Autumn Semester 2020 takes place in a mixed form of online and classroom teaching.
Please read the published information on the individual courses carefully.

Reza S. Abhari: Catalogue data in Spring Semester 2015

Name Prof. Dr. Reza S. Abhari
FieldAerothermodynamik
Address
Institut für Energietechnik (eh.)
ETH Zürich, ML J 35
Sonneggstrasse 3
8092 Zürich
SWITZERLAND
Telephone+41 44 632 26 91
E-mailrabhari@lec.mavt.ethz.ch
DepartmentMechanical and Process Engineering
RelationshipFull Professor

NumberTitleECTSHoursLecturers
151-0076-01LUrban Flow
Does not take place this semester.
14 credits15AR. S. Abhari
AbstractStudents develop and build a product from A-Z! They work in teams and independently, learn to structure problems, to identify solutions, system analysis and simulations, as well as presentation and documentation techniques. They build the product with access to a machine shop and state of the art engineering tools (Matlab, Simulink, etc).
ObjectiveThe various objectives of the Focus Project are:
- Synthesizing and deepening the theoretical knowledge from the basic courses of the 1. - 4. semester
- Team organization, work in teams, increase of interpersonal skills
- Independence, initiative, independent learning of new topic contents
- Problem structuring, solution identification in indistinct problem definitions, searches of information
- System description and simulation
- Presentation methods, writing of a document
- Ability to make decisions, implementation skills
- Workshop and industrial contacts
- Learning and recess of special knowledge
- Control of most modern engineering tools (Matlab, Simulink, CAD, CAE, PDM)
- Convert and experience technical solutions
ContentAmong the solutions to promote the growth of renewable energy technologies and the development of Green Cities is the expanded use of small wind turbines. Technical innovations in the design of small wind turbines are required in order to reduce the cost of the wind-generated electricity, such the wind turbines are more widely used.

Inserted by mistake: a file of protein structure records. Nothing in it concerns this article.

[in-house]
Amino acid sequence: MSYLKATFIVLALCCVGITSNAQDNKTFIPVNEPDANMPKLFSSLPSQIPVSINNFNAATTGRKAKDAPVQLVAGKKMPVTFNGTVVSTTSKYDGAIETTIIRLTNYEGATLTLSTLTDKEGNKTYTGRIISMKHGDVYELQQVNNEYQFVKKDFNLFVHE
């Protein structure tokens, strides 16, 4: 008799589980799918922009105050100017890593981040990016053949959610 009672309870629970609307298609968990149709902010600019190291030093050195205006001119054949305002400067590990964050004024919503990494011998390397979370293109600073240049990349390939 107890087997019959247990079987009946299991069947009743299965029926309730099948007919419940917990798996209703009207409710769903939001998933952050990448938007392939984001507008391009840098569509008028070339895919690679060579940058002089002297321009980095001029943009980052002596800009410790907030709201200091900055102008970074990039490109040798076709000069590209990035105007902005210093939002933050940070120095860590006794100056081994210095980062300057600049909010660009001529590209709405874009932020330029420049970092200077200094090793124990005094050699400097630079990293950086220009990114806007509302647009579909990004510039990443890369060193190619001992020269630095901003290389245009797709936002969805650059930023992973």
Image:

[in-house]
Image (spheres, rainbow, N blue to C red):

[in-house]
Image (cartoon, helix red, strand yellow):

The goal of the UrbanFlow project, which will be undertaken by two teams, is to design and build efficient & cost-effective prototype wind turbines for two possible applications:
1. Urban settings, with wind turbines integrated into a building.
2. Developing countries, with optimised use of local materials.

The project shall involve highly interdisciplinary teams, which shall address issues including:
- Structural mechanics and fluid dynamics
- Noise control & visual impact
- Systems integration
- Analysis of cost, lifecycle & manufacturability

The project elements shall include:
- Evaluation of wind measurements or predictions for identified locations
- Mechanical & architectural design
- Aerodynamics, structures & noise
- Electrical systems & electronic controls
- Economics & manufacturability analysis

The teams, each comprised of 6-8 students, will be formed by the end of May 2013.
LiteratureOnly public learning materials are listed.
Prerequisites / NoticePrerequisites:
Basic studies 1.-4.semester MAVT; requirement: registration of Fokus-Projekt II; Specific requirements by professors
151-0204-00LAerospace Propulsion4 credits2V + 1UR. S. Abhari, N. Chokani
AbstractIn this course, an introduction of working principals of aero-engines and the related background in aero- and thermodynamics is presented. System as well as component engineering aspects of engine design are examined.
ObjectiveIntroduction of working principals of aero-engines and the related background in aero- and thermodynamics. Engineering aspects of engine design.
ContentThis course focuses on the fundamental concepts as well as the applied technologies for aerospace application, with a primary focus related to aviation. The systematic evolution of the aircraft propulsion engines, from turbojet to the modern high bypass ratio turbofan, including the operational limitations, are examined. Following the system analysis, the aerodynamic design of each component, including the inlet, fan, compressor, combustors, turbines and exhaust nozzles are presented. The mechanical and material limitations of the modern designed are also discussed. The environmental aspects of propulsion (noise and emissions) are also presented. In the last part of the course, a basic introduction to the fundamentals of space propulsion is also presented.
Lecture notesVorlesungsunterlagen werden verteilt
151-0206-00LEnergy Systems and Power Engineering4 credits2V + 2UR. S. Abhari, A. Steinfeld